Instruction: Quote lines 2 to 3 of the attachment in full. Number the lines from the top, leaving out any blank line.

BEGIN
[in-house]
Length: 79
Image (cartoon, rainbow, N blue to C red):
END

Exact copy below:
Length: 79
Image (cartoon, rainbow, N blue to C red):